Five apples. That’s all I could count as I circled an apple tree fading into the brush just off the loosely-defined trail. Prickly ash grabbed at my legs as I stumbled beneath the branches, my gaze fixed upward. The apples were rather large, their species unknown to me. Now there’s only three.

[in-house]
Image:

I knew this tree was here, in an abandoned woodlot just beyond the city’s edge. I took photos last winter of its neglected apples, stubbornly wrinkled, brown and frozen, wearing caps of new snow high against a blue sky. I had also stumbled upon this tree some years earlier and noted how it seemed out of place among the hardwoods and pines. Now, in the heart of apple season, there were only a handful of apples on the scraggly old tree, probably well past its prime of production.